What Happens When You Die?

A long time ago, far far away, I had a chance meeting with a Wise Woman.

She became a good friend.

Until she died of cancer a few years later.

She was the Librarian at the Melbourne Theosophical Society.

Their Headquarters is in Adyar, India.

With a motto of ‘There is no religion higher than truth’ they encourage the study of all religions.

I was in.

I threw myself into my own study of all spiritual philosophies.

Including what happens when we die.

Today I feel that our soul survives this lifetime.

And is reborn.

Lately I’ve been thinking:

Do I really want to leave this beautiful world?

With all its problems?

What if my next life is on an alien planet with no trees or birds or the smell of cut grass?

What if it’s all black-and-white without colour?

Or what if it’s a world of thought without physical form?

This is not such a bad place to live if only we could clean up the mess.

The poverty.

The destruction.

So let’s do it.

All of us who care.

You and me.

We already live in a world of thought.

Our thoughts need physical bodies to work though.

How can we clean up our beautiful planet alone?

Others are trying.

But how can we do it alone.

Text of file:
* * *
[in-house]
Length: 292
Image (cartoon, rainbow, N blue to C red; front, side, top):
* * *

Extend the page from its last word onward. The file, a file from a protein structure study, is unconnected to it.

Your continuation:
I know the answer:

With our thoughts.

Trouble is, isn’t it our thoughts that have created and maintained today’s messed up world.

From the pollution to the violence.

Physically others are doing all they can.

Then there’s our thoughts.

It’s your thoughts, together with mine and others, that could do the trick.

With our thought we can be there, everywhere, in a thought.

We can avoid the cruel television dramas.

The violent movies.

The computer war games.

The selective brain washing evening news.

We can replace that with our thoughts of the world we want, not the world that amuses us.

“With our thoughts we make the world,” the Buddha said.

Is it our only hope to create the world we want.

Think big but let’s think change.

Think about it.

Love and peace.

Neil.

PS. Recommended – ‘Our Thoughts Can Change The World’ (104 pages) and The Great Regency Cover-Up’ (236 pages).